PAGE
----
Key members of Congress are intervening in a dispute over awarding the Purple Heart to soldiers attacked at a military recruiting office in Arkansas who were denied the honor because the shooter was charged with a criminal instead of a terrorist act.
The pledge from Republican and Democrat House and Senate lawmakers was made at a joint Homeland Security Committee hearing Wednesday in response to testimony from the father of Army Pvt. William Andrew Long, who was killed in the 2009 attack.
“I don’t understand why the Army has not offered the Purple Heart, at the very least,” said Rep. Chip Cravaack (R.-Minn.). “I am very disappointed in the secretary of the Army for not recognizing your son.”
Long was shot and killed in front of his mother outside the Little Rock recruiting office, and Pvt. Quinton Ezeagwula was also wounded in the attack. Carlos Bledsoe, a Memphis native who converted to Islam and changed his name to Abdulhakim Muhammad, confessed to the murder and is serving a life sentence.
“Given the circumstances, I believe they are deserving of the same recognition as their colleagues in a combat zone,” said Sen. Mark Pryor (D.-Ark.).
Daris Long’s stark and compelling testimony to the panel described his frustration at President Obama and the administration’s handling of the war against radical islamists. By treating his son’s death as a “drive-by shooing,” and the Fort Hood attack as “workplace violence,” Long said the wrong message is being sent to the military community. Long also said he was insulted that attacks on the military are treated as crimes, while the Obama administration treated the shooting of abortion doctor George Tiller as a terrorist attack.
“I am convinced the government’s position is to deny Little Rock was a terrorist attack,” Long said. “To this administration’s shame, two soldiers have been abandoned on a battlefield in the advancement of a political agenda.”
“If you kill in this country under the banner of jihad, we’re told it isn’t terrorism,” Long said.
“We firmly believe that if the White House had shown the same attitude concerning Little Rock as was shown in the killing of Dr. Tiller, a clear message could have been sent. The political correctness exhibited by the government over offending anyone in admitting the truth about Islamic extremism, masked alarm bells that were going off. Warnings were ignored, Maj. Nidal Hasan was able to openly praise the Little Rock shootings in front of fellow Army officers, and then commit his own jihad,” Long said.
Sen. Joe Lieberman (I.-Conn.), chairman of the Senate Homeland Security and Government Affairs Committee, Rep. Bennie Thompson (D.-Miss), ranking member of the House Homeland Security Committee, and Rep. Dan Lungren (R.-Calif.) are all conferees on Defense Authorization legislation currently moving through Congress, and said they will insert language to ensure the Purple Heart is awarded to the soldiers.
Rep. Peter King (R.-N.Y.), chairman of the House Homeland Security Committee, called the hearing to examine the threat of homegrown terrorism to military communities. “Our troops volunteer to go into harm’s way overseas to protect all of us—they should not be in harm’s way here at home, and yet they are,” King said. “This threat is persistent and enduring.”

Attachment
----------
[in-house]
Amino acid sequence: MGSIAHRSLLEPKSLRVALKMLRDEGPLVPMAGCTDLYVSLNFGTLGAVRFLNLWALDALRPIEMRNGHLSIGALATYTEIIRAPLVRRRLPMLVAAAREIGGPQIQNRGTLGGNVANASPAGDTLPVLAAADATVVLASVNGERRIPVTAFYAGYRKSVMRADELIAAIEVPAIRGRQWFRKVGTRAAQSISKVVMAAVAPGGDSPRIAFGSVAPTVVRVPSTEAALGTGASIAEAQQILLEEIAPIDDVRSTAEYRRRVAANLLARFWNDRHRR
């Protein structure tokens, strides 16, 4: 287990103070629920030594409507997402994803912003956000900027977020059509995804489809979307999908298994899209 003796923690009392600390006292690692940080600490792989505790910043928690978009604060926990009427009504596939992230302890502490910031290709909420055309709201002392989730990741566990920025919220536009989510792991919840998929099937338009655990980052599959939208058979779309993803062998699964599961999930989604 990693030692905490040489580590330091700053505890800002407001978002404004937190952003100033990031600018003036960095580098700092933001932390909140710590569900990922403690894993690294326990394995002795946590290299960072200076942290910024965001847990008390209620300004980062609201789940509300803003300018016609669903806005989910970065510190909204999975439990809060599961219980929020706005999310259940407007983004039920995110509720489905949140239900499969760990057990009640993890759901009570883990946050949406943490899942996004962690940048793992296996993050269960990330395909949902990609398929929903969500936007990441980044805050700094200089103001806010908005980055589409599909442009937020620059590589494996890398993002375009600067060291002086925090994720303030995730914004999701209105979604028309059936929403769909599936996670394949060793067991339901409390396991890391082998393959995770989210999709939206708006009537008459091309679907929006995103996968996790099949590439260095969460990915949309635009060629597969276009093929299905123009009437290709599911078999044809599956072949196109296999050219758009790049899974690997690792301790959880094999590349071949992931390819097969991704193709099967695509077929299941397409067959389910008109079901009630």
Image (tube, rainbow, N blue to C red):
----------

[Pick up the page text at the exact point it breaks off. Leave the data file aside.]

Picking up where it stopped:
Since 2011, more than 30 plots against military targets in the U.S. by homegrown terrorists have been disrupted and prosecuted, while the attacks in Little Rock and at Fort Hood in Texas (by Hasan) were successful in killing 14 and wounding 30 people.
“Military communities in the U.S. have recently become the most sought-after targets of violent Islamist extremists seeking to kill Americans in their homeland. We cannot stand idly by while our heroes in uniform are struck down in the place they feel safest,” King said.
“The homegrown terrorist threat to military communities inside the United States is of critical significance, and one which we simply cannot afford to neglect,” King said.
Thompson took issue with the nature of this and other hearings King has held on the threat of Islamist terrorism, and said that focusing on religion threatened to undermine military morale.
“I imagine my colleagues on the other side of the aisle want to use these two attacks to paint a picture about the nature of the violent extremist threat facing this nation,” Thompson said. “Once again, the picture they draw is not likely to be accurate, nuanced or subtle.
“Focusing on the followers of one religion as the only credible threat to this nation’s security is inaccurate, narrow, and blocks consideration of emerging threats,” Thompson said.
Some Republicans took issue with the testimony offered by Lt. Col. Reid Sawyer, director of the West Point Combating Terrorism Center, and Paul Stockton, assistant secretary of defense for homeland defense and Americas’ security affairs.
Asked whether Islamists were the only terrorists who posed a threat, the men said the military is also concerned about the Christian right movement, white supremacists and skinheads.
Lungren repeatedly asked Stockton whether the U.S. is at war with “violent extremist Islamists, to which Stockton replied, “No.”
“Al-Qaeda would love to convince Muslims around the world that the U.S. is at war with Islam, and I’m not going to aid and abet their efforts to further their goal,” Stockton said.
“I understand that. I never said we are at war with Islam,” said Lungren, who questioned whether the Defense Department is able to make the distinction.
Rep. Michael McCaul (R.-Tex.) described the military strategy for dealing with homegrown radicals as “political correctness gone array.”
Added Rep. Jeff Duncan (R.-S.C.): “We’ve got to be able to identify the enemy if we’re ever going to defeat the enemy.”
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